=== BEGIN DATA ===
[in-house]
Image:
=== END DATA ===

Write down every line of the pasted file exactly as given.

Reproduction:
[in-house]
Image: